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Meningocele is one of the common congenital neural tube defects. Meningocele is the simplest form of open neural tube defects characterized by cystic dilatation of meninges containing cerebrospinal fluid without any neural tissue. The prognosis of patients with meningocele is excellent with simple surgical repair of the meninges. This activity reviews the evaluation and treatment of Meningocoele and highlights the role of the interprofessional team in evaluating and treating patients with this condition.


  • Describe the pathophysiology of meningocele.
  • Review the risk factors for developing neural tube defects.
  • Summarize the epidemiology of neural tube defects.
  • Outline treatment considerations for patients with meningocele.


A simple meningocele comprises of meninges and CSF protruded into the subcutaneous tissue through a spinal defect. Skin overlying meningocele is usually intact. A complex meningocele is associated with other spinal anomalies. Meningocele is a typically asymptomatic spinal anomaly and is not associated with acute neurologic conditions. Neural tube defects are the second most common type of congenital disability after congenital heart defects.

There are two types: open or closed. Spinal dysraphism comprises a spectrum of congenital anomalies stemming in a defective neural arch, from which meninges or neural elements herniate, leading to various clinical manifestations. Spinal dysraphism includes aperta (visible lesion) and occulta (with no visible external lesion). Meningocele, myelomeningocele, lipomeningomyelocele, rachischisis, and myeloschisis are the familiar names based on the pathological findings. Myelomeningocele is the most common among others accounting for 90% of cases.[1][2][3][4][5]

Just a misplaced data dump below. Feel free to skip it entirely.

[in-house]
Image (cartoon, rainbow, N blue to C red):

The definite etiology of meningocele remains poorly understood. Most isolated neural tube defects appear to be caused by folate deficiency, likely combined with genetic and environmental risk factors. Folate deficiency may be related to inadequate oral intake, use of folate antagonist, or genetic factors causing abnormal folate metabolism. They may also be associated with chromosomal anomalies or single-gene disorders.

Genetic syndromes associated with meningocele include HARD (hydrocephalus, agyria, and retinal dysplasia), Meckel-Gruber syndrome, trisomy 13 or 18. Maternal factors allied with an elevated risk for neural tube defects include advanced and young maternal age, low socioeconomic status, maternal alcohol use during pregnancy, smoking, caffeine use, obesity, high glycemic index, or gestational diabetes. Maternal use of anti-seizure medications like valproic acid and carbamazepine may develop neural tube defects in the fetus. Amniotic bands are also another factor known to disrupt normal neural tube development.

The elevation of maternal core temperature in the first trimester from febrile illness or other sources may be associated with meningocele. The environmental factors like agrochemicals and polycyclic aromatic hydrocarbons can cause neural tube defects.[6][5]